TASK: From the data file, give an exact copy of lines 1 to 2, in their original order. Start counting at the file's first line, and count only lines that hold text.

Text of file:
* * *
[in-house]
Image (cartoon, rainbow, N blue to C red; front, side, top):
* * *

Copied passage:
[in-house]
Image (cartoon, rainbow, N blue to C red; front, side, top):